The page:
Nursing is a valuable career in New Jersey, just as it is elsewhere. Yet New Jersey has nursing licensing laws much like other states do. And those laws require nurses not only to get a license but to keep the license. Any number of unexpected and unfortunate events and circumstances, some having to do with your nursing and others having more to do with your personal life, can threaten your nursing license in New Jersey. If you face a nursing license issue in New Jersey, then know that skilled and experienced attorney help is available to you. Professional license defense attorney Joseph D. Lento wants you to have the best information and representation to preserve your nursing career in New Jersey.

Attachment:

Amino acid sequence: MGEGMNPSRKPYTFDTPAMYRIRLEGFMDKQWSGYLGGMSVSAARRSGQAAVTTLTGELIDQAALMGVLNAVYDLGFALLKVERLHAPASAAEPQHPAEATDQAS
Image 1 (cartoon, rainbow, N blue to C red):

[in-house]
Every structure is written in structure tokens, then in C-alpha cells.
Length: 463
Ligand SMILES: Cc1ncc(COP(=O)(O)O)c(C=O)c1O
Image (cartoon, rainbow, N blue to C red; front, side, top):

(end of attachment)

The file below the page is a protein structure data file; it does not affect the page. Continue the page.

New Jersey Board of Nursing Authority
Section 45:11-24 of New Jersey's Nurse Practice Act provides for a ten-member New Jersey Board of Nursing to govern the practice of nursing in the state. The ten board members include six registered professional nurses (RPNs), two licensed practical nurses (LPNs), and one advanced practice nurse, plus a public representative. Section 45:11-24d grants the Board of Nursing the power not only to license New Jersey nurses but also to revoke and suspend licenses. Section 45:11-50 of New Jersey's Nurse Practice Act also authorizes the New Jersey Board of Nursing to enact regulations governing nurses in New Jersey. The New Jersey Board of Nursing has done so, although its nursing regulations do not address professional misconduct grounds or procedures in substantial detail.
You Need a New Jersey Nursing License